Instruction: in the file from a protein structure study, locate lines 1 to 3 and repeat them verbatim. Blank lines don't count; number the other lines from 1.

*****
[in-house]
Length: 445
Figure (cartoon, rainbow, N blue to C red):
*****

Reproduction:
[in-house]
Length: 445
Figure (cartoon, rainbow, N blue to C red):